The big selling-point of Lightroom for me is that is minimize the tedious, monotone actions needed by me to develop large series of raw files into good-looking, well-organized digital libraries. My suggestions are primarily in order to improve on this main benefit.
/* consumer-style features */
+ Facial/Motif recognition would be great. I'll happily tag my first 100 pictures, but if those faces are recognized in other pictures, why not suggest the same tag?
+ Instead of presenting an import as a chronological list of 100s of images, I'd like some smartness in presenting the "likely" good shots first. Focus/camera-shake, over/under-exposure, open/closed eyes etc.
+ Some modules seem overly constrained. Why do I resort to MS Paint occasionally for simple things like putting two images side-by-side in an image, instead of wading through endless options in the LR book module with seemingly pointless e.g. margins enforced upon me?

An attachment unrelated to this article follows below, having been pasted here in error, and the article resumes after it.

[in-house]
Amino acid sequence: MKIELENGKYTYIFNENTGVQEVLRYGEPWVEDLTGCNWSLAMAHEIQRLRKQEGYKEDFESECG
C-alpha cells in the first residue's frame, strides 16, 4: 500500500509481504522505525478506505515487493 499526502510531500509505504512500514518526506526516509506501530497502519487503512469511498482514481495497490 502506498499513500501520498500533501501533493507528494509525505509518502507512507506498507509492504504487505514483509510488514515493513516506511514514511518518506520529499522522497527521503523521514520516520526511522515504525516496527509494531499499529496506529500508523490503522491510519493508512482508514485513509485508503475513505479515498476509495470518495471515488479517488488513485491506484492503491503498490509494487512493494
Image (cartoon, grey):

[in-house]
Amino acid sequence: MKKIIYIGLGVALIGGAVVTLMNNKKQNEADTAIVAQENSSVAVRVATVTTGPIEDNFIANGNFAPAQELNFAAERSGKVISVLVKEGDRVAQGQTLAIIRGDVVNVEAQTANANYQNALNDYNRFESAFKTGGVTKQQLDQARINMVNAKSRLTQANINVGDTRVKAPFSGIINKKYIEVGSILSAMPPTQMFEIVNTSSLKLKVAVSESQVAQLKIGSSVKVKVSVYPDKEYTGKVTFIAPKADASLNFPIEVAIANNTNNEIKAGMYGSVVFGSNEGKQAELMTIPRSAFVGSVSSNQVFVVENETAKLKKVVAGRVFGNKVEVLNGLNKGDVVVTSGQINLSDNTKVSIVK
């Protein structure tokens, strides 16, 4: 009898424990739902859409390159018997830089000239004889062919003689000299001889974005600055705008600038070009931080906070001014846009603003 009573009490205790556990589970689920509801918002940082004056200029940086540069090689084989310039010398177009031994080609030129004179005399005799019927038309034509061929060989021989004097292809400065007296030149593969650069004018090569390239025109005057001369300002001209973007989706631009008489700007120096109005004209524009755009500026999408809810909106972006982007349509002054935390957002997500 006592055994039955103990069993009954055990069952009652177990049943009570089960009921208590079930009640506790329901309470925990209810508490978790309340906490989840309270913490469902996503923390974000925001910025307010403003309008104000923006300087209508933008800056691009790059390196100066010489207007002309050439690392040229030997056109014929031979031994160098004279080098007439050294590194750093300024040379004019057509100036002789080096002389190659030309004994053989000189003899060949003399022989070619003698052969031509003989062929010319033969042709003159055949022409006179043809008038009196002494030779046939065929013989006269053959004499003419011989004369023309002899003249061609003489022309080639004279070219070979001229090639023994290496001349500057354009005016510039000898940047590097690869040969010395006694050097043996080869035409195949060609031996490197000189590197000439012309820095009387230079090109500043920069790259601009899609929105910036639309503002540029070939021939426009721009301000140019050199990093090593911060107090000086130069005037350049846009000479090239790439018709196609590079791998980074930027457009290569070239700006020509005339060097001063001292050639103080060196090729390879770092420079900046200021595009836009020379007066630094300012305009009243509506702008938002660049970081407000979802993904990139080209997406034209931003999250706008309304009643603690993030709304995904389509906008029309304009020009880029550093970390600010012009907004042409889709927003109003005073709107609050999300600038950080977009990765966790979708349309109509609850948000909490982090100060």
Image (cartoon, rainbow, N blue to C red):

+ an iOS/Android lightroom-"light" app. Should give access to catalogs shared on a NAS, the ability to search and view images in a UI familiar to LR users. Additional points for being able to rate and tag images on the device, but no need for the full develop module, and images could be pre-rendered by the PC/Mac to jpegs if necessary.
+ Ability to keep source folder (sub) structure when exporting.
/* enthusiast features */
+ 2nd monitor should zoom in on an area defined by the active AF points. I see myself manually doing this all of the time to check focus of e.g. eyes in portraits
+ The ability to combine images into one edited logical image (HDR, side-by-side, layers, etc)
+ add "skin tone" to the wb picker
+ The possibility for true raw histogram and exposure correction (switch early stages of processing pipeline to camera native "colorspace"?)
More snappiness, exploit GPUs if that makes sense. Enthusiasts may have 8+ cores, 256-bit SIMD, large and fast flash drives. How well does LR exploit this? How well will it in the future?